I think the standard letter-writing etiquette is one of those "can't hurt" sorts of things. I don't care if you repeat your contact info on the cover letter- I have your resume, after all! But some people might, so why not do it? The one exception is when you're just going to be pasting into a big company's resume eating system- most of those strip out formatting and then your contact info might get squashed into the body of the letter. In that case, I'd just start with the salutation.

      But honestly, I would never rule a candidate out for this sort of thing. Spend your effort on getting the content right, and don't stress too much over the finer points of formatting, in my opinion.

  2. I've heard some people say it is important to do some digging to address your cover letter to a specific individual (ie the hiring manager, etc). Does this matter at all in your opinion?

    1. If you can network your way to someone close to the hiring manager or the hiring manager, then you'll have a name and you should use it. Otherwise, just go with a "To Whom it May Concern" or "Dear Sir or Madam" sort of thing.

      Whatever you do, don't use "Dear Sir." I view applicants that do that with suspicion.

      In short, your energy is better spent trying to make a meaningful contact, and failing that, in writing a strong body for the cover letter.

    2. Every job seeker scurries around frantically making sure their resume is the best "work of art" they have ever created. The Truth is that the attention grabbing power is really all in in the Job Cover Letters! Not the resume. Most people don't understand this little know fact and just whip something up to stick on the front of the resume. See more job application cover letter

  3. Really good points. (And not just because you gave me a shout-out! :) )

    The one thing that really works for me is if the applicant conveys why they want the job that I'VE advertised, not just "a job". Generic cover letters that are clearly cut-and-pasted are a turn-off, but don't crib stuff from my website either, because I know what I wrote there. Convince me in your own words that you're interested in our job.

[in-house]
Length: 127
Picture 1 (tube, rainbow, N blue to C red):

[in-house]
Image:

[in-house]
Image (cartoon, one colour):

Needless to say, if you're cut-and-pasting, make sure you paste in my company's name. Getting a cover letter that's addressed to me but has some other company's job/name in the body means you have no attention to detail. It's happened more times than I ever could have guessed it would.

    And I completely agree about the holes. If you think there's a hole in your resume', then you can be pretty sure that I'll find it. A cogent, straightforward discussion of it is the best way to handle it -- and being able to do that well could vault you to the top!

    1. You make good points in all of your comments. Butt in with your 2 cents anytime!

      I have been a hiring manager for more than 10 years now. I keep thinking I have seen all of the unbelievable things applicants can do. And they keep surprising me. My current favorites are the "Dear Sir" and the "I have long had a passion in (a field that is not relevant to the job)" varieties. Such easy mistakes to avoid.

  4. Meg in MI5:30 AM

    I feel when I write a cover letter that I'm basically reiterating my resume because I already tweaked the resume to match the job description and highlight the relevant details. Any tips for how to make the cover letter less redundant?

    1. A little bit redundant isn't a bad thing- you definitely want your resume to back up the things you say in your cover letter.

      What you want to do in the cover letter is draw the connection between the job description and the experience in your resume.

      If you have something like this in your resume:
      "Increased basket production by 25% by designing a simpler weave"

      And the job description says they are looking for someone to do weave analysis, you might say something like this in your cover letter:

      "In my position as Basket Weaver at Baskets'R'Us, I conducted a thorough weave analysis, which resulted in a recommendation for a simpler weave that increased team productivity by 25%."

      Generally, in the cover letter, I answer the job posting- I point out things I have done that show the ability to do the things they want to do.

  5. Thank you for share this informative post.